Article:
Plus I still have hundreds of images to process, which is what I’m all about today. I try to get about three a day done and posted on my website for purchase as wall art, any more than that and I start to lose concentration and make mistakes.

Anyway I really like the image above of the herd in the glow of the late afternoon Elk Herd on a Beautiful Rocky Mountain Eveningsunshine, the bull running around keeping the herd tight while warding off challengers, and the cows and calves grazing on the mountain grass and resting.

Later this week the plan is another ride in Waterton Canyon with the hope of seeing the big rams and possibly even the bears. If you enjoy the video clips feel free to subscribe to my Youtube channel which I plan to begin expanding in earnest. And if you like the pictures, prints are available on my website along with tons of cool gift items. Just click to explore! Also be sure to click the subscribe button on my blog to be notified of future posts!

Over the Hump

Read an interesting factoid the other day… Apparently August 2nd is a significant day in Colorado, it is the day that marks the beginning of the rapid falloff in temperatures in the slide towards fall and winter. The chart below from the U.S. Climate Data site shows in dramatic visual form the steep curve of change in temperature and precipitation as the heat of summer loses it’s edge to the receding light of the sun.

And to me that means I am over the hump of my most Screenshot_2019-08-04 Climate Colorado - temperature, rainfall and averagedifficult time of year πŸ™‚ For a landscape photographer, the harsh direct overhead light of the summer sun is death to an image. The bright sun drains out all the color and shadow that can make an image compelling. For a Colorado wildlife photographer, stifling heat by 8:00 a.m. means all the animals are lying down in the shade in the dense pine forest well out of view. Sunrise at 5:00 a.m. means a 3:00 or 4:00 a.m. start to the day if you want to catch the best light, a difficult goal when you are up until 12:30 trying to make a living the night before. For Big Dog, the heat of the summer sun shining through the truck window means he has to stay home a lot more often, and without my hiking buddy along my weekend excursions a lot less enjoyable.

Here in Cripple Creek it was a beautiful cool morning, the birds are chirping happily and

Trio of Autumn Bighorn

the Teller County Fair is over, the legion of trucks and campers are pulling out and making their way home. I’m tired today, the sun is already shining brightly and I think I’ll take a day off from hiking and shooting to just sit here and enjoy the peace that the end of the hustle and bustle of summer brings with my favorite time of year just around the corner. Autumn… and I have wisely scheduled two weeks off so that I can make the most of it πŸ™‚ Teller County has some of the best aspen color viewing in the state and this year I will be able to enjoy the Fall Color Festival, something I bitterly missed last year because I was working through the entire thing.

By autumn the sun has traveled significantly to the south, it’s low profile in the sky creating a much more friendly lighting scenario for photography. The leaves of the great aspen stands will be in full glory and the crisp clear mountain air sets an inviting stage for hiking and mountain biking in the back country.Β  The animals will emerge from the dark of the forest, the elk, deer and bighorn sheep in full glory for the autumn rut and the bears all out in their determined search for enough calories to nourish them throughout the long Rocky Mountain winter.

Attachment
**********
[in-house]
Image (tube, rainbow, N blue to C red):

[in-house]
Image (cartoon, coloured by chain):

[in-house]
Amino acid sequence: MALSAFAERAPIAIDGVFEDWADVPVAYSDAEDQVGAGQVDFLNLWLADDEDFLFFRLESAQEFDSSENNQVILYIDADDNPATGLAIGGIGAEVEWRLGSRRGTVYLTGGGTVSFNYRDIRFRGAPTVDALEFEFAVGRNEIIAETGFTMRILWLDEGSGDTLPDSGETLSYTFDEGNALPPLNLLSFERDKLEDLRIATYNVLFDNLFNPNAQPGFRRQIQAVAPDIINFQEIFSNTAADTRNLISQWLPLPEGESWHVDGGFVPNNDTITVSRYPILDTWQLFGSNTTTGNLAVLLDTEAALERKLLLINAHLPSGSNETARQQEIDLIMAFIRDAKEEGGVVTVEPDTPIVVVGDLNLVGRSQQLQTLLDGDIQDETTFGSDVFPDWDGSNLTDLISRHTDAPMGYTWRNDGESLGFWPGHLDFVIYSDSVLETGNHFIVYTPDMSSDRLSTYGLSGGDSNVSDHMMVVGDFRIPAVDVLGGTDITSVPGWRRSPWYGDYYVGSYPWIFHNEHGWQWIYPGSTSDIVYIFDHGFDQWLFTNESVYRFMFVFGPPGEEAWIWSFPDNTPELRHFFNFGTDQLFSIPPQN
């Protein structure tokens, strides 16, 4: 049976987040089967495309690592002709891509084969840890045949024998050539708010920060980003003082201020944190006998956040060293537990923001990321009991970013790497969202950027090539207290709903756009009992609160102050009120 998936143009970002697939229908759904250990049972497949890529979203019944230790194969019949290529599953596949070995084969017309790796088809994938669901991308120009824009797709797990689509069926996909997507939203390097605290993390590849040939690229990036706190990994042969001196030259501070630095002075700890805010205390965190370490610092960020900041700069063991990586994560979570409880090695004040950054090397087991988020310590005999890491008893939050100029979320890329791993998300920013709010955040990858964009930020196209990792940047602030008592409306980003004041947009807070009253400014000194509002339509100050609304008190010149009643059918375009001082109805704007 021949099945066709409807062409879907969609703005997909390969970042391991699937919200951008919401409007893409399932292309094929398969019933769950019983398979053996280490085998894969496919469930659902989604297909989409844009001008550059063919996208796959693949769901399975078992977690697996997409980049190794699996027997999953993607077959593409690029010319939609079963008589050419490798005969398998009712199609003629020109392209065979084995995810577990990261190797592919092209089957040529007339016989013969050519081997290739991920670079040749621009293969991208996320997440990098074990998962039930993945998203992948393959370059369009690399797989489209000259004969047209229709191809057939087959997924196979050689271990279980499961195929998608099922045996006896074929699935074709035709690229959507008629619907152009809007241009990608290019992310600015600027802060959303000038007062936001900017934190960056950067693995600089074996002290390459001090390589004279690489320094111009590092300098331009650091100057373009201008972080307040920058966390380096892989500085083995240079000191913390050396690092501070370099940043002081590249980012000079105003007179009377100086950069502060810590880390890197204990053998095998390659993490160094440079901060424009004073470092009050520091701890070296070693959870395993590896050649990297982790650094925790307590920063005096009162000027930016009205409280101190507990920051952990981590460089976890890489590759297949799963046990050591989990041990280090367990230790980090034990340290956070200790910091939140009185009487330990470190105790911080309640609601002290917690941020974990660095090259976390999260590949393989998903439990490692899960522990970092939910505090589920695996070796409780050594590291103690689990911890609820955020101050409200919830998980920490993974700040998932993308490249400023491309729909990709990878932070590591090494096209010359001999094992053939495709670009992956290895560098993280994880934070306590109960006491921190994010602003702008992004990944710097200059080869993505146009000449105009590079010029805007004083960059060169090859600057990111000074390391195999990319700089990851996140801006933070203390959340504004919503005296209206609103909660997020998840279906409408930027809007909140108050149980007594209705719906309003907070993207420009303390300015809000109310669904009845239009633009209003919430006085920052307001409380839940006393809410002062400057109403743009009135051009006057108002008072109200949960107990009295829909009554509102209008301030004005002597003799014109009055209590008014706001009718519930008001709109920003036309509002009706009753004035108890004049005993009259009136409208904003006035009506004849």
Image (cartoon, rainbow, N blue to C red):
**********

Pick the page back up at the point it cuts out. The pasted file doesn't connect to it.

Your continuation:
So today I rest in the knowledge that I am over the summer hump, my mind turning toward the joy of autumn, my laptop trained on topo maps of the great Rocky Mountains of Colorado. Ahhhh….

Crystal Creek Autumn

 

Autumn Blitz Day 1

Do or Die… my most lucrative time of the year, autumn in the Rockies. Today was my first full day off in the midst of peak aspen leaf season and so far I have made the best of it.Β  Woke up early and took off for the trailhead with Big Dog. After a short analysis of the situation I decided on the polarizer to add some drama to the bright clouds and sky. Not too much of great autumn interest along the trail today, was kind of hoping for a deer or elk as a subject, or maybe a neat shot of the mining equipment against some golden aspen, but no such luck. There were a few trees changing in the direction of the Sangre de Cristo so I tried a couple of captures in that direction, time will tell if it was worth the effort.

Autumn Color on Historic Mines

After the hike we were off to the Goldfield mine fields where there was one nice view of a series of abandoned mines in the midst of a colorful aspen grove. That turned out to be one of my favorites of the day πŸ™‚

Then it was off to an unofficial overlook at the top of Victor Pass for a view of the north face of Pikes Peak. Upon arrival there I was surprised to see a lineup of ladies in lawn chairs and umbrellas… looked like a picnic might be in the making! Turns out they were the local Cripple Creek painting club on scene to paint the magnificent view on such a beautiful morning. Lol, I needed to get in front of them to get the shot I needed but was hesitating… the ladies assured me that I would not be accidentally painted into their pictures if I quick jumped in for my photographs… Which cracked me up because for a second that exact thought crossed my mind! Guess I’m not used to seeing painters at my scenes πŸ™‚